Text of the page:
Washington A rebound in the auto industry and federal stimulus money helped lower unemployment rates in many of the 17 states that reported drops in July — a hopeful sign after only five states had seen their jobless rates dip in June.
Still, the Labor Department report Friday showed that joblessness remains widespread as 26 states reported higher unemployment rates. Many economists expect jobs to remain scarce nationwide and the unemployment rate to top 10 percent by the end of the year, up from 9.4 percent in July.
Fifteen states and the District of Columbia are suffering from unemployment rates above 10 percent. Michigan’s rate was 15 percent in July, down from 15.2 percent in June — the first time any state’s jobless rate had topped 15 percent since 1984.
The states with the next highest jobless rates in July were: Rhode Island, at 12.7 percent; Nevada, 12.5 percent; California, 11.9 percent; and Oregon, also at 11.9 percent. Four reached state record highs: Rhode Island, Nevada, California and Georgia.
But the report also showed that 21 states added jobs last month, compared with only 10 in June. Some states, like Texas, added jobs but still saw their unemployment rates increase. That tends to happen as more jobless people enter the work force.
“This is just a further indication that the worst is over and the recession is coming to an end,” said Gus Faucher, an economist at Moody’s Economy.com.
Faucher said the Obama administration’s $787 billion stimulus package, which helped pay many states’ Medicaid and other costs, allowed many state governments to avoid laying off more workers.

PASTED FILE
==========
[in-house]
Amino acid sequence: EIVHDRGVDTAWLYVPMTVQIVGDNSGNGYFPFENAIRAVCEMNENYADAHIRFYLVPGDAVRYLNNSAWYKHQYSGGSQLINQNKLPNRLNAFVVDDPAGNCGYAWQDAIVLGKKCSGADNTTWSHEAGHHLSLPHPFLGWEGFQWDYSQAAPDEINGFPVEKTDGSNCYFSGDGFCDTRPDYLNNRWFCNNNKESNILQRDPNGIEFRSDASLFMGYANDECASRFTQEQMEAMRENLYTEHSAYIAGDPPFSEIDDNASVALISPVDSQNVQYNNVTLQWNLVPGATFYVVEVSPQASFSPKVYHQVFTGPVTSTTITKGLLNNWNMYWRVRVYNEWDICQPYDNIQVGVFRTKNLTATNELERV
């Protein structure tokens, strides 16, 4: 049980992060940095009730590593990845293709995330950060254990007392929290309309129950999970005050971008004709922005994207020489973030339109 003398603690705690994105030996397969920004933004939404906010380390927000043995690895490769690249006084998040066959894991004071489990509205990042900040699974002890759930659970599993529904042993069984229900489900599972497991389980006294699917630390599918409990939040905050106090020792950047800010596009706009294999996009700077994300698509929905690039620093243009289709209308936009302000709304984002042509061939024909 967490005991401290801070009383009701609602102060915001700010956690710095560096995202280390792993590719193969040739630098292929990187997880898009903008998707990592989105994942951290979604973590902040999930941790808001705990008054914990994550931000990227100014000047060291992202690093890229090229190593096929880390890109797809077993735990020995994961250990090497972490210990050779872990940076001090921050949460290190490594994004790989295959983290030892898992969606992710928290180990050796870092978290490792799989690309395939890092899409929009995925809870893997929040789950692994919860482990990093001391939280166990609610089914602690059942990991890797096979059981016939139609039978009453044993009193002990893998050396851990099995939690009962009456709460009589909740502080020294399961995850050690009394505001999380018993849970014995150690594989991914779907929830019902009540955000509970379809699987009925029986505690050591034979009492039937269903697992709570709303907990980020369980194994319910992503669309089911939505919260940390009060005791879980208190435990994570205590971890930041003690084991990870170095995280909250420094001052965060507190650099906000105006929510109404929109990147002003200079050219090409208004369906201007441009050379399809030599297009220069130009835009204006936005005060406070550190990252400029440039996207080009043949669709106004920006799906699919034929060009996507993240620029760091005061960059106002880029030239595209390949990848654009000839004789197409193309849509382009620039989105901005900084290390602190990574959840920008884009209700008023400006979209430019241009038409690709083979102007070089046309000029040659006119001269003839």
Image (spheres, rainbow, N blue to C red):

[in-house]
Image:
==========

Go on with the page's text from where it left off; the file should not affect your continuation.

“The question is, will the economy be strong enough to sustain the expansion once the stimulus starts to fade?” he said.
New York state added 62,100 jobs, the most of any state, and saw its unemployment rate drop to 8.6 percent from 8.7 percent. A New York state official, Peter Neenan, said federal stimulus-funded projects helped boost employment in the construction sector. That money also helped boost the number of young people hired for government-funded summer jobs, he said.
The effects of an improving auto industry were widespread in July. General Motors and Chrysler reopened many factories that had been shut down in May and June as the companies emerged from bankruptcy protection.
Automakers also are benefiting from the government’s Cash for Clunkers program, which provides rebates of up to $4,500 to consumers who trade in older cars for fuel-efficient new ones. The program will end Monday.
Largely as a result, Michigan’s ailing economy actually added 38,100 jobs in July, the second-most of any state.
Indiana saw its unemployment rate dip to 10.6 percent from 10.7 percent in the previous month. Though the state lost jobs overall, the auto sector’s growth benefited its manufacturers.
“Large increases in manufacturing employment ... are a direct result of Hoosier auto workers going back to work,” said Teresa Voors, Indiana Department of Workforce Development Commissioner.
Minnesota enjoyed one of the biggest drops in joblessness, to 8.1 percent from 8.4 percent. The state added 10,300 jobs, the first gain in almost a year.
Eight of the state’s 11 industrial sectors saw gains, according to its Department of Employment and Economic Development. Leisure and hospitality led the way with 3,900 more jobs. Government, manufacturing and business services also had a strong July.
About 95 percent of employers surveyed by the department expect to keep or add jobs, though significant job growth may not come before 2010, said Dan McElroy, the department’s commissioner.
The 13 other states where unemployment in July fell were: Oregon, Virginia, Connecticut, Delaware, Hawaii, Maine, Nebraska, South Carolina, South Dakota, Vermont, Tennessee, Washington and West Virginia.